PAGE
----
OTTAWA – Over half a million churches in 150 countries will join to pray on Sunday, November 10, 2013 for Christians around the world who are suffering and even dying for their faith. IDOP Canada, a group of Canadian charities which supports the International Day of Prayer for the Persecuted Church is calling Canadians to join this annual prayer event.
In recent days, a suicide bombing at a Pakistan church in Peshawar left 85 dead and over 140 wounded. And in Northern Nigeria the Boko Haram, an Islamic extremist group, opened fire in a church, killing the pastor and his two children before setting fire to the church building.
Such attacks are drawing long overdue attention from mainstream media regarding the random cruelty of extremists who increasingly are focusing their attacks on Christians.
Anita Levesque is coordinator for The Evangelical Fellowship of Canada’s Religious Liberty Commission, one of the Canadian charities that make up IDOP Canada. She states that “in the Middle East, the cry for a more democratic society that was raised during the 2010 Arab Spring has been replaced by an open season on Christians.”
“Because of attacks in nations such as Egypt and Syria, there has been an unprecedented exodus of Christians from regions where Christianity first began. Many fear we are seeing the complete extermination of Christians from such regions.”
Don Hutchinson, a vice-president at the EFC, is the current chair of its Religious Liberty Commission. He says the number of Christians killed in the 20th century, simply because of their faith, was more than the number of Christians killed in the 19 centuries prior.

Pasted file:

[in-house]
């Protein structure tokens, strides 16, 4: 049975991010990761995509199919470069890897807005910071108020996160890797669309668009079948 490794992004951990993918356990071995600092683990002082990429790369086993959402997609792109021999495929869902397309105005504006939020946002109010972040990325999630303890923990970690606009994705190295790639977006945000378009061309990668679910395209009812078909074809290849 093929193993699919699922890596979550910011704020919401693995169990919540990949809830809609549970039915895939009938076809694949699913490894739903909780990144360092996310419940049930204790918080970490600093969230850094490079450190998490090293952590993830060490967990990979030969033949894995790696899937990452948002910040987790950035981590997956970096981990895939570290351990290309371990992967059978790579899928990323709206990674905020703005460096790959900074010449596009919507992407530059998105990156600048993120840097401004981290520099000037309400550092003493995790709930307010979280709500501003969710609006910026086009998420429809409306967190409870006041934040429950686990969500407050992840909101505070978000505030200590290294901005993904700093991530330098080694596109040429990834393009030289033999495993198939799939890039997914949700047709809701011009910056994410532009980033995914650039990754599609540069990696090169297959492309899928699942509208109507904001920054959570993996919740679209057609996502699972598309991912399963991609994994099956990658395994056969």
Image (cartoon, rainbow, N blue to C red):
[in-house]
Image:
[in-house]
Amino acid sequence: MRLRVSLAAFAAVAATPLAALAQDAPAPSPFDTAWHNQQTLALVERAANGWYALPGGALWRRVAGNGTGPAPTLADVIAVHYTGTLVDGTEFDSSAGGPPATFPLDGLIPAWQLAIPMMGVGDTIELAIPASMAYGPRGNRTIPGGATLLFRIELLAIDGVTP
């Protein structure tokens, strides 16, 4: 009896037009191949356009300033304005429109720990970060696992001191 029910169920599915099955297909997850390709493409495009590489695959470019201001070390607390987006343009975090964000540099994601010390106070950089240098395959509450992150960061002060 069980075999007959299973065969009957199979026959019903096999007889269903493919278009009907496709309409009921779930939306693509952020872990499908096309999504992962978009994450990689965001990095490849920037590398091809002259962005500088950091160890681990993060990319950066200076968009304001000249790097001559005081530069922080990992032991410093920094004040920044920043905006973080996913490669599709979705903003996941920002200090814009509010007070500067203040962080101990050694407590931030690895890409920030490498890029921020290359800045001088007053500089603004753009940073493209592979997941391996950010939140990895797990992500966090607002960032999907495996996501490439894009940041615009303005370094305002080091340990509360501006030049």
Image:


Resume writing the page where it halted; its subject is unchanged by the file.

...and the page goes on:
“The situation is alarming,” he says. Over 200 million people today are suffering for their faith in Jesus Christ. So far in the 21st century, the number of Christians who have been killed for their faith averages over 170,000 each year, he reports.
Levesque, who regularly examines reports from various countries, says prayer is the most common request from Christian victims of persecution. “The prayers of their brothers and sisters in countries such as Canada, where religious freedom is actually practised, serves to encourage and strengthen them spiritually in the midst of great hardship,” she says.
Initiatives such as IDOP Canada help to bring global awareness to their plight. While the focus of IDOP Canada is to support the persecuted overseas, Canadian participants often say they find spiritual strength and personal encouragement in the stories of persecuted believers. Their remarkable courage in the face of arrest, imprisonment, torture and even death for their faith in Jesus Christ is inspiring.
As the attack on Christians intensifies globally, so should the action and prayers of fellow believers on their behalf, says Levesque. “IDOP Canada is calling on Canadians to be a voice in prayer for those who are being persecuted by joining us on November 10, 2013.”
For more information, visit www.idop.ca
. The website includes free downloadable materials Canadian groups can use to observe the day of prayer.
For more information or an interview contact:
Rick Hiemstra, Director, Media Relations
The Evangelical Fellowship of Canada
(613) 233-9868 x332